Fears faced Continued, this is a series 🙂
As a deaf and hard of hearing person I have spent most of my life pretending that I wasn’t. It took me a very long time to fully understand the psychology and behavioral aspects of my case in particularly. The psychological effects of this in and of itself created the reality that I choose to live it. The initial creation process was unconscious to a degree. It started at a very young age. As a child in elementary school in the first grade I already knew that I was missing things. Regardless of how close I sat to the teacher, or how much I tried to pay attention, the sounds were just sounds, and those sounds did not translate to comprehensible words. At the time of course I couldn’t have formed that understanding, nor would I until a lot later in my school years.
I began making my first friends through art. Art didn’t need any sound! I could easily see what the teacher meant for us to do and this “thing” inside me seemed to take over. I loved to draw right away, like almost every kid does. Drawing was the ticket into raw, non-judgmental fun, mark making and narrative illustrations. Even though I had discovered art as means of early coping, the discoveries of bullies also reared their ugly heads. There were very few kids with disabilities in my elementary school (and all through my secondary education really) with the exception of one or two kids who wore hearings aids, thicker than normal glasses or were in co-dependent on the use of a wheelchair. Sadly enough, as mentioned, the bullies came to fruition at this time, and they began their campaigns of ridicule, abuse and the constant bantering of those kids. I was one of those kids hidden under the radar, lurking on the sidelines and watching with hawk like visual precision. The kid with the hearing aids got it the worst. Perhaps this is my personal connection to the experiences, but day after day, week after week, and year after year until he vanished from our elementary class ladder climb. The 1st grade bullies seemed as fast and as sharp and aggressive as the first wave of wasps and yellow jackets that return from the winter, eager to attack and reclaim the territory. For many years, I wondered why? Why would they do this?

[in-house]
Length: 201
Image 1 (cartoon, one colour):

Watching the bullying and tormenting, and I can vividly recall some of those scenarios, even in the most seemingly subtle of verbal ways left me feeling terrible inside, it scared me and immobilized me more than anything else. This was my introduction to both fear itself, the fear of my hearing loss and deafness being discovered and the ability to manipulate myself and everyone else around me. It took me over twenty years to put that awareness into place and be able to write about it this clearly.
The grainy pixelated glitched animation visually represents how auditory distortion feels. This is a visual translation. The soundless animated loop works perfectly to represent the ongoing endless cycle. The loop and textures also display the confusion and scrambling to try to makes sense of things in both real-time experiences and how they remain distorted over time until we face them. The finger spelling in the video spells the word LEARN. Learning ASL and sign language is helping me greatly, and I am loving the process, slowly in my own time.
Much more to come, next story:
“The 1970s Hearing Test Machine Hacker”…